MARISA BECIROVIC reviews Among the Trees at the Hayward Gallery and explores how these fantastic natural features should, now more than ever, be appreciated for their longevity. 

In times as unstable as these, exhibitions like Among the Trees at the Southbank centre offer us an escape into the complex constancy of nature. Set out across the three levels of the brutalist Hayward gallery, these flourishes of photos, sculptures and paintings transport you into a ‘forest of art’, which softens the gallery walls and opens a window into a world we seem to have lost touch with in recent years (though which many of us have rediscovered during lockdown). Among the Trees explores the range of interactions humans have with trees. Often perceived as ordinary or mundane, this exhibition reminds us of these fascinating, versatile and frankly invaluable structures all around us. Through photography, paintings, sculpture and visually interactive installations we are presented with a collection of artists’ perspectives and in turn have our own views challenged: we become aware of the limits imposed by our conventional view of nature, begin to rethink the way we interact with our surroundings, and question how harmful these interactions have become.   

Thomas Struth’s collection of photos bewitchingly explores the intricacies of messy tree scenes and exemplifies the attraction of the tree as a subject in visual arts. While artists have long been captivated by the versatility of these features of nature, the medium of photography has evolved the potential to capture perspectives that excite and add intrigue to our process of viewing them. In the words of the gallery text, Struth persuades the viewer to ‘surrender to just looking’, commanding them to avoid dissecting the image and just absorb the power of a natural scene. 

Thomas Struth, Paradise 11, Xi Shuang Banna, Yunnan Province 1999, 1999, Cibachrome print, 169.5 x 219 cm. Image source: Galerie Max Heztler.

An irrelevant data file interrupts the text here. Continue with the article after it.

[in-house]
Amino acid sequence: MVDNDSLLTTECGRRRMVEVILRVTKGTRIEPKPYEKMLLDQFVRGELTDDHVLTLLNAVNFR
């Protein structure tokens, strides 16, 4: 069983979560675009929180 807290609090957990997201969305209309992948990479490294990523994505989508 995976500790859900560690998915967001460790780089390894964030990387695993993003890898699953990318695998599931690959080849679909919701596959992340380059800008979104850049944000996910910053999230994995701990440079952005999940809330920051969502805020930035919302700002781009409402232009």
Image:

Trees have always been used as a symbol of enlightenment and inspiration for artists, but the collection of works in this exhibition gives a more modern take on artistic interactions with our leafy surroundings. The more interpretive and experimental angles of nature we see in this collection confirm the endless ways in which we can artistically interact with it. Rodney Graham’s work literally turns the world upside down, creating an uncanny experience of viewing. His photo Gary Oak, Galiano Island (2012) confuses the viewer, with the inverted tree at its centre. It no longer holds the wonted form of branches and leaves outstretched to the sky and we are confused and intrigued by the new perspective. Hugh Hayden uses ‘something as ubiquitous as a tree to change someone’s perspective’ as explained in the gallery text. He recreates the structure of two logs in his piece Zelig (2013) by manipulating sharp-tailed goose feathers until they resemble the familiar texture of bark. This sculpture plays with the theme of camouflage in nature but also provokes us to consider that the natural world is not always what it seems: it still holds the power to surprise us. Roxy Paine highlights the deep biological connection we have with our surroundings through her profound sculpture Rotoplasm (2012), composed of stunningly intricate tree-like structures made from enamel. The use of striking red paint creates a biological association in our minds, as we suddenly see trunks and branches as arteries and capillaries pumping oxygenated blood around our bodies, no doubt a comment on the gravity of our need for trees to provide clean air and ensure our survival.